In Montana State’s 74-52 win over Montana in Bozeman earlier this season, the Bobcats used a pick-and-roll offense that features Squires’ flossy skill set helped MSU roll through UM’s defense. On the other end, the Lady Griz could not find the mark against Binford’s zone.

On Saturday, the Lady Griz solved the zone in a clean, entertaining first half in which both teams shot more than 50 percent. MSU sophomore Ashley Van Sickle hit a 3-pointer in the corner opposite the Lady Griz bench at the halftime buzzer to give Montana State a 38-36 lead.

The game turned into a slugfest in the third quarter, getting so physical at one point that four players, two from each team, fell to the floor in a scuffle for possession and the ruckus caused Kuderer’s right shoe to fall off.

The Bobcats cooled off from beyond the arc, making 3-of-11 in the second half after drilling 7-of-16 in the first half as Schweyen countered with a zone of her own.

Johnston scored nine points in the third quarter, including the highlight heave that cut a 58-48 Montana State lead to seven. Playing in her fifth straight 40-minute game and her 11th overall this season, Montana’s effort leader took over the game. She hit a pair of free throws with 28 seconds left to cut MSU’s lead to 72-71.

The Helena Capital product with roots that trace back to Anaconda and Butte put up a memorable stat line. She hit a season-high three 3-pointers — she entered the action just 6-of-30 from deep this season — on the way to a season-high 23 points. Playing for the third straight game without the mask she had to wear for the first two-thirds of the conference season, Johnston also grabbed nine rebounds and dished out seven assists.

“She always brings it,” Squires said.

But Squires answered back in a classic battle between junior point guards. After 10 straight makes, Squires missed the first free throw as the Lady Griz were able to foul just four seconds into the next possession. Squires hit the second, pushing the lead to two with 24 seconds left. Schweyen used her final timeout.

Montana guard Sammy Fatkin (5) shoots over Montana State guard Tori Martell (12)/by Jason Bacaj

“The victories we’ve had here, it really has taken some really steady, composed point guards, you think of Katie Bussey and Hannah Caudill but Oliana is definitely in that mix,” Binford said. “We really, really got settled in our offensive play with our tempo and Blaire is such a good leader for us, that absolutely was the key to be able to bounce back when they made their run.”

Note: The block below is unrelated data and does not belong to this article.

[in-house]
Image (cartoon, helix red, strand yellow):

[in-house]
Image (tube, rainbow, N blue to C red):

On a frantic final possession, Henderson had the ball stripped but managed to make an amazing save that helped the Lady Griz maintain possession. Johnston had a leaner that would’ve tied the game lip out, but Henderson grabbed her 10th rebound. After almost turning it over, Johnston was able to save the ball off a Bobcat, giving UM possession under the basket with six seconds left.

Montana ran a play for Johnston, who caught the ball in the middle of the lane, drove, incurred contact and forced a wild shot and did not receive a foul call. Braxton grabbed the rebound, outletted the ball to Halle Wright and another MSU freshman came up in the clutch.

“She definitely likes to drive in the lane and we know that,” Braxton said. “But I think she feeds off of us getting on her even more. Not having everybody go straight to her and get in position for the rebound was very important.”

Freshman Gabbi Mocchi scored seven of her nine points off the bench in the first half. Wright, who joined Squires and sophomore Tori Martell (12 points, four 3s) in double figures with 10 points, stepped to the line with the crowd once again roaring and calmly knocked down two free throws with 1.7 seconds left for the final margin.

Johnston’s magical heave came 10 minutes too late as her last-gasp chuck at the buzzer fell well short, the disappointment of the completion of MSU’s second sweep of the Lady Griz in three years painted on the faces of Montana’s players.

Selvig won 835 games in his 38 seasons at the helm, earning a spot at or near the top of the long list of legendary coaches who have worked in the Treasure State. Since his retirement, Binford, now the veteran coach in the Big Sky, has ruled Montana.

Montana State head coach Tricia Binford/by Jason Bacaj

This year’s Bobcat squad features just three players from Montana, none who played in the game on Saturday. But a group with largely Minnesota roots has certainly had the upper hand against its bitter rival since Selvig retired.

“It’s definitely one of our goals to sweep the Lady Griz every season,” Braxton said. “I guess I heard it’s only happened twice and we’ve been a part of both times. To be a part of that is really cool and something we look forward to getting to try every year.”

Photos by Jason Bacaj. All Rights Reserved. 

About Colter Nuanez

Colter Nuanez is the co-founder and senior writer for Skyline Sports. After spending six years in the newspaper industry with stops at the Missoulian, the Ellensburg Daily Record and the Bozeman Daily Chronicle, the former Washington Newspaper Association Sportswriter of the Year and University of Montana Journalism School graduate ('09) has cultivated a deep passion for sports journalism during his 13-year career covering the Big Sky Conference. In August of 2014, Colter and brother Brooks merged their passions of writing and art to found Skyline Sports.